If you can’t pay your bills because of coronavirus
There are things you can do if you're struggling to pay your bills because of coronavirus, for example your council tax, rent, loans and energy bills.
If you’re already in debt
It’s important to get help straight away if you’re in debt, or worried about money. Don’t ignore your bills or letters about money you owe.
It’s also worth speaking to the organisations you owe money to – they might be able to help by letting you pay smaller amounts or take a break.
Some bills can cause you more problems if you don’t pay them. It’s worth checking what bills you should pay first.
Check if you can get extra help or money
You might be able to claim benefits or get more money on your current benefits if:
- you have coronavirus, or you’re following guidance to stay at home
- you’ve lost your job
- or you’re self-employed and can’t get work
- you can’t work because your workplace has closed
Check if you can get free school meals and the family pandemic payments
All children in Primary 1, 2 and 3 can get free school lunches at local council schools during term time. If you have older children and you get certain benefits or you have a low income, you might be able to get free school meals because of your income.
If you get free school meals because you have a low income, you’ll get 2 family pandemic payments. You’ll get £100 for each school age child who gets free school meals. You should get the first payment by the end of the summer term and the second by the end of the winter term.
Find out more about free school meals and the family pandemic payments.
If you need help with food and energy
Check if you can get help from the Scottish Welfare Fund. You might be able to get a grant to help you pay for things that you need, such as food, gas, electricity or household goods. You’ll need to apply to your local council. You can apply even if you've had crisis grants before. Find details of your local council on mygov.scot.
You can also check our advice about foodbanks and other emergency help.
If you can't pay your council tax
You might qualify for a council tax reduction if your income has dropped or if you started claiming benefits recently.
You should check with your local council to see if you qualify for a council tax reduction or use our check my council tax tool to see if you can reduce your bill.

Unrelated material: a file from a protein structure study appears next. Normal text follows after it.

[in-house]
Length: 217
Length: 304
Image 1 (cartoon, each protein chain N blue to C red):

If you don't think you qualify for a reduction
If you don't think you qualify, it's still worth asking your local council if you can get a reduction or other help with the bill. You should continue to prioritise paying your council tax and your rent or mortgage.
If you're struggling to pay, ask the council if they can be flexible about your payments due to coronavirus. They might agree to a payment plan or to delay taking action against you for missed payments. Check their website for council tax advice.
If you have a property that is unoccupied
If you have a property that has been unoccupied from or after 17 March 2020 because of coronavirus, you might be eligible for an exemption on council tax from 27 May 2020. The exemption applies if the people who were living there before 17 March 2020 were exempt, for example, students. Check with your local council.
The low income pandemic payment
If you were getting a council tax reduction during April 2021, you’ll get a payment of £130 from your council.
You should get it before 30 November 2021.
You’ll also be eligible for the payment if you don’t have to pay council tax because:
- you're staying in temporary accommodation, including a refuge
- your home is unoccupied because you’re being cared for or are caring for someone else
- everyone in your household are care leavers, are under 18 or are severely mentally impaired.
You might also get the payment if your claim for a council tax reduction is backdated to include a date in April.
If you’re getting a council tax reduction or you don’t have to pay council tax for the reasons above, then you don’t need to apply for the low income pandemic payment. Your council will pay you automatically.
Find out more about the low income pandemic payment.
Check what help you can get with your bills
Most organisations or people you owe money to should be able to help you by doing things like:
- reducing your payments
- giving you more time to pay
- keeping you connected to their service even if you owe money - for example your energy, phone or internet
Each provider will be different so it’s important to check what help you should get.